Saturday, October 31, 2020

The freedom of the press still furnishes that check upon government which no constitution has ever been able to provide – Chicago Tribune.

Home Issue 32 Climate change: will our region remain liveable?

Climate change: will our region remain liveable?

By KIERAN FINNANE

“Climate change is on the tongue, but sinking it into the brain of Aboriginal people is the gap that has to close.”

So said Michael Liddle, one of four speakers on a panel about climate change at the desertSMART EcoFair on the weekend. He’s an Alywarre man and community leader, who developed and delivers Codes 4 Life, a program for Aboriginal men focussing on identity, responsibility and legacy.

“I think Aboriginal people aren’t really stepping up to the mark for understanding and helping assist with climate change.

“I don’t mean to be negative but we all expect non-Aboriginal people will fix climate change.”

One reason that may not be a good idea is that the record of non-Aboriginal people – using  Australian Governments of the last decade as the yardstick, or NT Governments for that matter – has been pretty abysmal.

Another reason, is that they are likely to lead Aboriginal people around in circles.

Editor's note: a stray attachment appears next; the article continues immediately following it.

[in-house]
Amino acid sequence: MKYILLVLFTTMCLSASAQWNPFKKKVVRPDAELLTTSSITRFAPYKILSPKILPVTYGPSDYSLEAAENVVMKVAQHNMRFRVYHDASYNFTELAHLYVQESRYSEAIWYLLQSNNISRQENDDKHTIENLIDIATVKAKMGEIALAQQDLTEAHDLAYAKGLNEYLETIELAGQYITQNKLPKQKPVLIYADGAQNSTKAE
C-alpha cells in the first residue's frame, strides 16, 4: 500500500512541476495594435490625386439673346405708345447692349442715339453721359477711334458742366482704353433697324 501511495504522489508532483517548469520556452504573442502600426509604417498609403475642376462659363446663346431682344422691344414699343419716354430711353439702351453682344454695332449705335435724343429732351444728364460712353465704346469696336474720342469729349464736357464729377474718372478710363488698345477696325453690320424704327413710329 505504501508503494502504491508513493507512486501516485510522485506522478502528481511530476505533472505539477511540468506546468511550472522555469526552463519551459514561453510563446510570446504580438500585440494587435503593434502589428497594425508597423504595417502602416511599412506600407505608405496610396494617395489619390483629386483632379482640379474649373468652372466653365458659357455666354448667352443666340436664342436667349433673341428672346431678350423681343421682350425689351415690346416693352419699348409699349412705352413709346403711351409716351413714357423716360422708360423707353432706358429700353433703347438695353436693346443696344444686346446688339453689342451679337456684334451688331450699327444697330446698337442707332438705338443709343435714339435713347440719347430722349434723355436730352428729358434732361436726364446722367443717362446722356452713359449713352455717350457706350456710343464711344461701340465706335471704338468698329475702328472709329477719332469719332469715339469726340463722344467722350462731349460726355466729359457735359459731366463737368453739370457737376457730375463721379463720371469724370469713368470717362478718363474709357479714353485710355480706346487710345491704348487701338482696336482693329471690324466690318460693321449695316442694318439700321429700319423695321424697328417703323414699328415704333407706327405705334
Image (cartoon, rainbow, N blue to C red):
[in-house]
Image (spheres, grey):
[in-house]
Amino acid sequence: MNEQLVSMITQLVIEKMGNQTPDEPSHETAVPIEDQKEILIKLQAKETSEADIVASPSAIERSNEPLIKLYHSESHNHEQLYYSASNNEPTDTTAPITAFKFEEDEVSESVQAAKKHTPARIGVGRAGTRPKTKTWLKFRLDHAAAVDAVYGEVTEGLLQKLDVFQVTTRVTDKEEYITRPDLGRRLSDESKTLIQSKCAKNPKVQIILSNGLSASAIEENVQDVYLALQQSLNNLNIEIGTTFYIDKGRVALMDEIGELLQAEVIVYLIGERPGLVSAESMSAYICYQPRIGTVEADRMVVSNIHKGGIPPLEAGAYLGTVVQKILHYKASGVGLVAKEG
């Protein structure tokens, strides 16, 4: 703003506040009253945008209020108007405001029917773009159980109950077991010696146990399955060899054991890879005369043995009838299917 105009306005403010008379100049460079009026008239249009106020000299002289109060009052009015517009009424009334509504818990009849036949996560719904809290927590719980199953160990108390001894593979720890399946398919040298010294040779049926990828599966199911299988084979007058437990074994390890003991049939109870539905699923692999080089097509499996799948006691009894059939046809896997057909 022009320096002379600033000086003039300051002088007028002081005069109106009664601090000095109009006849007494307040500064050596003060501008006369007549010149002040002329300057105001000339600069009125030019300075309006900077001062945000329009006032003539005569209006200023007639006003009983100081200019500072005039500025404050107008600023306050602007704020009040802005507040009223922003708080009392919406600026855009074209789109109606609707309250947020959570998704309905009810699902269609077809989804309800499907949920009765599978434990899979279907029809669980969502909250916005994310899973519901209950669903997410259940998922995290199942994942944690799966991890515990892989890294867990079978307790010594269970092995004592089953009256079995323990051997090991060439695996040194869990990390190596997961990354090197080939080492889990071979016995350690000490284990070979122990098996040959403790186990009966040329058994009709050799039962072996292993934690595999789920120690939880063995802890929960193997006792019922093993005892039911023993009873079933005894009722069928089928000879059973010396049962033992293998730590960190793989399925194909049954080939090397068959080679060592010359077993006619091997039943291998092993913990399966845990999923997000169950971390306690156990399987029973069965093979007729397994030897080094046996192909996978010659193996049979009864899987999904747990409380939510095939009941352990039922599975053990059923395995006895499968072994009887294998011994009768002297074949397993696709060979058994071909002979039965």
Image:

The audience heard that Aboriginal organisations are again trying to negotiate Aboriginal control over their housing. This has been a demand for as long as I’ve been reporting in central Australia (three decades) and probably longer, meeting with a revolving door of policy responses, ceding degrees of control, taking them back  again.

Norman Frank Jupurrula, Warumungu man, community leader, board member of Julalikari Council, of Anyinginyi Health, and a resident of Village Camp in Tennant Creek, told the audience about how unsuitable much of their housing is: chiefly, it uses too much energy of the wrong kind to keep it bearably cool in summer, and to warm it in winter: “We should use the sun for our energy.”

He is representing Julalikari on the board of Aboriginal Housing NT (AHNT), formed after a housing forum in Darwin in March 2015. The peak body includes Tangentyere (Alice Springs), Kalano (Katherine), Mabunji (Borroloola) and the Land Councils.